ClarkUSA Donating Member (1000+ posts) Send PM | Profile | Ignore Wed Apr-14-10 07:27 AM
Response to Reply #2
25. Yeah, sure. You never "found" him. And if they're so "secret" then how do you know about it? n/t
Printer Friendly | Permalink |  | Top
 
SkyDaddy7 Donating Member (1000+ posts) Send PM | Profile | Ignore Fri Apr-16-10 12:32 PM
Response to Reply #1
114. Yeah, right...
Obama could just sit at his desk and play solitaire for 4 years and go home!
Printer Friendly | Permalink |  | Top
 
DJ13 Donating Member (1000+ posts) Send PM | Profile | Ignore Tue Apr-13-10 10:45 PM
Response to Original message
3. He always has a choice
He can either be a corporate tool with a great chance at two terms, or a great President who does whats best for average Americans that might not win a second term.

But I bet if he chose the second option he would likely have an even better chance at a second term.
Printer Friendly | Permalink |  | Top
 
skeptical cynic Donating Member (404 posts) Send PM | Profile | Ignore Tue Apr-13-10 11:06 PM
Response to Original message
4. We live in interesting times
Obama is a reflection of what the Democratic Party has become.

I can't even use labels like "left" or "right" or "liberal" or "conservative" or "Republican" or "Democrat" anymore without wondering what they even mean. All I see is the Haves in charge, and the Have-nots cleaning up the dog poop in their yards. I feel more affinity with a peasant in Venezuela or Honduras or Ecuador than with those who "represent" me in state and federal capitals. Hell, I'm beginning to feel more affinity with the people we're killing in Central Asia than I have with our "leaders."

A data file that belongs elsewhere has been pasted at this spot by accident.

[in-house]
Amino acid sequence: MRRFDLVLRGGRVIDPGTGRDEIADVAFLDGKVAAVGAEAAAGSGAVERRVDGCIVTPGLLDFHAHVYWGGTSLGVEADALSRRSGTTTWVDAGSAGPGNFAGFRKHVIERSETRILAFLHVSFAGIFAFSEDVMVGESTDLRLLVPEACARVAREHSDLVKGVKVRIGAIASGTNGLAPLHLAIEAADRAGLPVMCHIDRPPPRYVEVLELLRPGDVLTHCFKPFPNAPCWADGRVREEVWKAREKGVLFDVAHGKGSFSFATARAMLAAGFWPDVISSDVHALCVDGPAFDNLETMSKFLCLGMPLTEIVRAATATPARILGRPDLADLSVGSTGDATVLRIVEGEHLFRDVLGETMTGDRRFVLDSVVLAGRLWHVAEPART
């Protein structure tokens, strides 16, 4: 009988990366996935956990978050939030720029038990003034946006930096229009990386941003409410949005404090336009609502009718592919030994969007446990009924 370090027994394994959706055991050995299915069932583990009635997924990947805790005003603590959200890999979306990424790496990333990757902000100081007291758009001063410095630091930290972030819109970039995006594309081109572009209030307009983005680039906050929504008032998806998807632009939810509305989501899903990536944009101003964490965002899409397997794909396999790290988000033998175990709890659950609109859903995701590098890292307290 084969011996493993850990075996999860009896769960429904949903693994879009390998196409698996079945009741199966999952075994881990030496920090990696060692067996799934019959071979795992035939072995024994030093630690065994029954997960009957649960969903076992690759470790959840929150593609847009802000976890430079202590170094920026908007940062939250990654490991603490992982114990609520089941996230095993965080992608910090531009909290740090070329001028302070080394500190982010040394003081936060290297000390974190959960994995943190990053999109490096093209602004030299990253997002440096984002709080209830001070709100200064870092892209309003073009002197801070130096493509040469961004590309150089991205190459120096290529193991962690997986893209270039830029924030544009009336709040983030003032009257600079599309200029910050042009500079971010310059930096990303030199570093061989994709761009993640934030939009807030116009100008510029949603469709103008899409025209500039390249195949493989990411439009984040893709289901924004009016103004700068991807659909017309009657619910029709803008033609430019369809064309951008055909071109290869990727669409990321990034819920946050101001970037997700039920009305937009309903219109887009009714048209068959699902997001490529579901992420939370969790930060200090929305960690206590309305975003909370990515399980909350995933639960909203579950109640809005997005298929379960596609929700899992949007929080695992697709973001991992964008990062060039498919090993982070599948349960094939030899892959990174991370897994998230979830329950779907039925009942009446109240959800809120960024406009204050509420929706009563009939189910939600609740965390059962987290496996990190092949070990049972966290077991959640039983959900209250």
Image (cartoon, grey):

Obama is making deals at the expense of peasants, foreign and domestic. The future will be ugly when one too many deals has been made.
Printer Friendly | Permalink |  | Top
 
FrenchieCat Donating Member (1000+ posts) Send PM | Profile | Ignore Tue Apr-13-10 11:45 PM
Response to Reply #4
6. Obama made deals in order that we get something to build on......
Edited on Tue Apr-13-10 11:48 PM by FrenchieCat
and that's exactly what we got.

If it were anyone else, we wouldn't have gotten shit, just like all of those years
in the past. If it was so fucking easy, it would have been done long ago.

You don't like politics? Don't run for office.
Printer Friendly | Permalink |  | Top
 
skeptical cynic Donating Member (404 posts) Send PM | Profile | Ignore Wed Apr-14-10 12:35 AM
Response to Reply #6
10. "You don't like politics? Don't run for office."